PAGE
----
I know you haven't meant to, but I think his aggression has been human caused. It is very common for people who can't control a horse with a halter, to work their way up more severe. They even make electric shock halters nowadays. As humans, we are predators and think differently than the prey animals, which includes horses.
A lot of times though, the more aggressive we get, tends to make the horse more aggressive back. In the horse world, the main game is 'pushed or be pushed' (Chris Irwin's words). If you haven't worked a horse in a while, it is common sense that he will test you again, just to see what he can get away with. But those problems can be fixed by redifing your dominance and it doesn't have to be by causing pain or fear, just gaining respect.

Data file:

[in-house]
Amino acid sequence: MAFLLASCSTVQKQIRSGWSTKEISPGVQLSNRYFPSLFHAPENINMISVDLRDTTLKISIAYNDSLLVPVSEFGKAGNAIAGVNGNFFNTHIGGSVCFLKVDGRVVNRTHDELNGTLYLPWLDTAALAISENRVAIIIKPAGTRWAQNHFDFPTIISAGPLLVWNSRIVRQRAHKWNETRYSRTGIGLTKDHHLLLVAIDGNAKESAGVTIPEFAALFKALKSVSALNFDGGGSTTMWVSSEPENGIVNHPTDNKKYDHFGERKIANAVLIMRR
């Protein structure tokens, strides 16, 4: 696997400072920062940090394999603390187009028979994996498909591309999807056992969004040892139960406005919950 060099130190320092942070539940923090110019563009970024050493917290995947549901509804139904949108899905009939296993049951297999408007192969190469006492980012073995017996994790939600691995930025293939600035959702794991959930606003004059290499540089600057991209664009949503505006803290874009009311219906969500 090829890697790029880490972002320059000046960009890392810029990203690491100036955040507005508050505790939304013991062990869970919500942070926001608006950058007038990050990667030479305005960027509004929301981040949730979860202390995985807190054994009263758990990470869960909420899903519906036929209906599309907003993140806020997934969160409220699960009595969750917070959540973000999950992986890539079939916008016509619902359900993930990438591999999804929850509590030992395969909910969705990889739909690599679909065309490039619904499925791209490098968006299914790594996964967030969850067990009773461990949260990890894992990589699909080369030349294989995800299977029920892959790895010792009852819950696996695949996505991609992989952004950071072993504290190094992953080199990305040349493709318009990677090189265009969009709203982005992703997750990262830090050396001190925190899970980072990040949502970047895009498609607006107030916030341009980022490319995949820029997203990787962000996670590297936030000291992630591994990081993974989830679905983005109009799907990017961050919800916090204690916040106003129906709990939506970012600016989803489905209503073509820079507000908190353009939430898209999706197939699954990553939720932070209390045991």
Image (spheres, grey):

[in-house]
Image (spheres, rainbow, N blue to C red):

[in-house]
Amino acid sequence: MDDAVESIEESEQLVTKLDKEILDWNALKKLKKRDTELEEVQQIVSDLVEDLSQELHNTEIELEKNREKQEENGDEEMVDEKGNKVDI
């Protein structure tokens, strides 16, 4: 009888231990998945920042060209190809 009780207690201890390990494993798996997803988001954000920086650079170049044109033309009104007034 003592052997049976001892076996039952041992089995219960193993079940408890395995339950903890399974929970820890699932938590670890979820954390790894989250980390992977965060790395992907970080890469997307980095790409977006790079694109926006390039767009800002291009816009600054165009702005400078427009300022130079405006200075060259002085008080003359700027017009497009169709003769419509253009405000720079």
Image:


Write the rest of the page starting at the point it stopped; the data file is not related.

I think becuase of causing him pain, you have lost his trust, and also his respect for you. I don't know that when he does something wrong, you put him in his stall. Becuase, that means that it turn into punishment grounds. So everytime he goes in there, he thinks he is being punished, but if he doesn't know what he is being punished for, he become confused, and then irritated, and that can lead to aggression.
The rule of thumb is, if you can, punish a horse no later than 3 seconds after he does something. In the wild, when a horse steps out of line, the other horse immediatley lets him know by a pin of his ears, a little bite, or a kick. If you can't punish the horse in time, don't. He will associate it with the wrong thing.
I would suggest finding a horse trainer that knows some about natural horsemanship so he/she can resolve anger from the horse, then begin to gain respect and trust. Or, just sell him otherwise for safety purposes and find you a nice horse.
Lettin' the cat outta the bag is a whole lot easier than puttin' it back. -- Unkown